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No. 6: Recit. & Song (Bunthorne)

"Am I alone, and unobserved...
If you're anxious for to shine "

Midi Symbol MIDI File [30 KB, 4' 19 "]

Enter Bunthorne, who changes his manner and becomes intensely melodramatic.

George Grossmith as Bunthorne (1880)
Click on picture to enlarge


Am I alone,
And unobserved? I am!

Then let me own
I'm an aesthetic sham!

This air severe
Is but a mere

This cynic smile
Is but a wile
Of guile!

This costume chaste
Is but good taste

Let me confess!

A languid love for lilies does not blight me!
Lank limbs and haggard cheeks do not delight me!
I do not care for dirty greens
By any means.

I do not long for all one sees
That's Japanese.
I am not fond of uttering platitudes
In stained-glass attitudes.
In short, my mediaevalism's affectation,
Born of a morbid love of admiration!

If you're anxious for to shine in the high aesthetic line
as a man of culture rare,
You must get up all the germs of the transcendental terms,
and plant them ev'rywhere.
You must lie upon the daisies and discourse in novel phrases
of your complicated state of mind,
The meaning doesn't matter if it's only idle chatter
of a transcendental kind.

And ev'ry one will say,
As you walk your mystic way,
"If this young man expresses himself in terms too deep for me,
Why, what a very singularly deep young man
this deep young man must be!"

Henry Lytton as Bunthorne (1919-20)
Click on picture to enlarge

Be eloquent in praise of the very dull old days
which have long since passed away,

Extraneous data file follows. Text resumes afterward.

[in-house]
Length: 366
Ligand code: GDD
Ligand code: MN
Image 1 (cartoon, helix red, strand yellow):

And convince 'em, if you can, that the reign of good Queen Anne
was Culture's palmiest day.
Of course you will pooh-pooh whatever's fresh and new,
and declare it's crude and mean,
For Art stopped short in the cultivated court of the Empress Josephine.

And ev'ryone will say,
As you walk your mystic way,
"If that's not good enough for him which is good enough for me,
Why, what a very cultivated kind of youth this kind of youth must be!"

John Reed as Bunthorne (1966)
Click on picture to enlarge

Then a sentimental passion of a vegetable fashion
must excite your languid spleen,
An attachment a la Plato for a bashful young potato,
or a not- too-French French bean!
Though the Philistines may jostle, you will rank as an apostle
in the high aesthetic band,
If you walk down Piccadilly with a poppy or a lily
in your medieval hand.

And ev'ryone will say,
As you walk your flow'ry way,
"If he's content with a vegetable love which would certainly not suit me,
Why, what a most particularly pure young man
this pure young man must be!"

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